A Guy and His Dolls
Don’t hate Broadway vet Richard Jay-Alexander for thinking Jessica Biel has the chops to pull off Guys and Dolls in concert. After all, he considers Barbra, Bette and Bernadette close personal and professional friends.
By Brandon Voss
July 30, 2009
A Guy and His Dolls
Got a star-studded show or an A-list diva in need of direction? Give Broadway veteran Richard Jay-Alexander a call. After helming Les MisÃ©rables in Concert last summer, Jay-Alexander returns to the Hollywood Bowl in Los Angeles from July 31 through August 2 to direct a concert version of Frank Loesser’s classic 1950 musical Guys and Dolls starring Scott Bakula, Beau Bridges, Ellen Greene, Brian Stokes Mitchell, and Jessica Biel. A former Broadway performer, stage manager, and longtime executive director of Ã¼ber-producer Cameron Mackintosh’s New York office (where he was in charge of Mackintosh’s North American operations), Jay-Alexander has more recently staged concerts and produced albums for a holy trinity of indisputable icons: Bette Midler, Bernadette Peters, and Barbra Streisand. The out 56-year-old opens up to Advocate.com about these famous friends and defends his curious casting of Justin Timberlake’s girlfriend.
Advocate.com: Your Guys and Dolls concert sounds like it’s going to be an unforgettable event.
Richard Jay-Alexander: I’m really excited, and I can’t believe we got such an amazing cast and the incredible Donna McKechnie to choreograph. I know this is sort of queer, but for me there’s just nothing like a musical. It can affect your whole day. Directing Les MisÃ©rables at the Hollywood Bowl last year was one of the greatest experiences of my career. When an audience of 18,000 people stands up to applaud, you can actually feel wind.
You’ve gotten a lot of press for your brow-raising casting of Jessica Biel as Salvation Army missionary Sarah Brown. What made her right for the part?
Jessica Biel came to New York to sing for me at musical director Kevin Stites’s apartment. I walked in and said, “Jessica, I know you’re a movie star, but I wouldn’t know a Jessica Biel movie if it punched me in the face.” She started laughing and said, “Well, don’t start watching them now.” When she sang I got chills three times. I said, “I don’t know about you, but I think you’re ready to put on a pair of false eyelashes and do a musical.” She just burst into tears.
Wait, so you never saw her fine work in I Now Pronounce You Chuck & Larry?
I didn’t even know she was dating Justin Timberlake. But she’s enchanting. She told me about her grandmother who teaches dance in Colorado, and she told me this great story about how her mom used to go to voice lessons when Jessica was a kid and then started putting the money toward voice lessons for Jessica, so this show is sort of a prophecy fulfilled. Someone just had to give her the opportunity. I said to her on the phone, “I’m so excited for you. I’m going to give you one of the greatest experiences of your life.” It’s not unlike when I put Ricky Martin on Broadway in Les MisÃ©rables and people thought I was nuts. At that time nobody had ever heard of Ricky Martin, but my dad is Spanish and my mom is Cuban, so I had heard of him. His grandmother had never been on a plane, and I flew her up from Puerto Rico for his opening night. When he took his bow, he saw his grandmother in the fourth row and lost his shit. I live for that stuff. You’re talking to somebody who’s been nuts about theater since he was 10 years old. All my dreams have come true and then some, so I feel like everybody’s should.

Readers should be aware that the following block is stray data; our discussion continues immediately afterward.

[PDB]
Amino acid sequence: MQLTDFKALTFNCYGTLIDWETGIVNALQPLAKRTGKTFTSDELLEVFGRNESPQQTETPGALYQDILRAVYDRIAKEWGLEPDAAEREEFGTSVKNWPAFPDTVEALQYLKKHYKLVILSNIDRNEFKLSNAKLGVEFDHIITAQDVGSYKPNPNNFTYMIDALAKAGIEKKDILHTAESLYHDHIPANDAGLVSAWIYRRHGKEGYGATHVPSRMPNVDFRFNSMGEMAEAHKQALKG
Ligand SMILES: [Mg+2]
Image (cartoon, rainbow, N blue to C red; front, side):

But compared to the rest of the cast, Biel has very little professional stage experience. Are you sure she has the chops to pull off the role?
You know how when somebody opens their mouth you know that they’re either born to do something or they’re not? All the characters in Guys and Dolls are bigger than life, but Sarah Brown is actually the most earthbound of everybody. Jessica’s face is a palette that can be as plain or as gorgeous as you paint it. She also has a natural ear for dialogue, and she’s a risk-taker. I remember first singing “If I Were a Bell” with her and letting her loose. When you throw someone a hook and they come back with a fish, that’s how you find out if you’re dealing with an actor. Anybody who knows me knows that I’m not going to cast a stunt. I know some people want to see her fail, but it’s like I told her the other day: “I’m all about ”˜fuck you’ cards, and I’m here to get you one.”
Last season’s Broadway revival of Guys and Dolls was not particularly well received. Did you see it or study the reviews for research?